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CTS & DTS Systems for Screen Printing: How Much It Costs and When to Buy It

Before you read…

Printavo is simple shop management software. We help you streamline your business, keep jobs moving forward and your team on the same page.

Scheduling, quoting, approvals, payments, customer communication, automation and more. With Printavo, you’ll work smarter–not harder.

CTS (computer-to-screen) or DTS (direct-to-screen) imaging systems cost between $30,000 and $80,000 USD, so they’re a major investment for any screen printing shop.

Our CTS calculator shows some amazing data. If your screen print shop makes just a couple dozen screens per day, you can save around $5,000 a month in materials and labor costs with a CTS machine.

Better yet, it frees up press time. A screen print shop can prevent nearly 40 hours a month in wasted time on press with a CTS machine. That’s $90,000 in opportunity per month – if you can print just 300 shirts an hour at $5 per shirt.

What would that screen print shop look like? Here’s a guess:

  • They’d image 36 screens every day
  • They work 8 hours a day, 20 days a month
  • They average 6 screens per job
  • They average 10 minutes to set up a screen on press

While there are a lot of ways to generate more revenue (like making more sales with online stores), increasing your throughput is the only way to scale up for larger jobs that actually grow your business.

Key insight

Automating the screen room is one of the only ways a screen print shop can invest money and yield almost immediate improvements in efficiency, setup time, turnaround speed, and cost.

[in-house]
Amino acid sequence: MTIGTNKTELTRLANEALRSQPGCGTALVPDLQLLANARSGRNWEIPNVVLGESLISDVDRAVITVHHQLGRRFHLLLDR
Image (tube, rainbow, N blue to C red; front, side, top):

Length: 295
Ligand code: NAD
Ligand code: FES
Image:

Why CTS is “The Hidden Gem” – With Lon Winters from Graphic Elephants

Before you buy your next screen printing press – watch this video about screen printing’s hidden gem! “If you’ve got enough volume to automate the screen printing process, you’ve got enough volume to automate the screen making process,” Graphic Elephants’ Lon Winters explains. Going from film outputs and your trusted Epson inkjet printer is a big step – so why is computer-to-screen technology such a hidden gem? “Basically, automating a few things ‘over in the corner’ isn’t as exciting as a new press,” says Matt Marcotte from Printavo. 

“If you’re doing just 25 screens a day, it’s still worth it,” adds Lon. CTS manufacturers are conservative with their estimates about the return-on-investment for their machines. “Aggressively forward-thinking shop owners can make sense of [computer-to-screen] if they buy into the intangible benefits.” It’s hard enough to tell shop owners that their registration times will likely be cut in half – they just don’t believe it. It’s another ballgame to explain that a modest $35,000 machine could get a return-on-investment faster than virtually any other piece of screen printing equipment.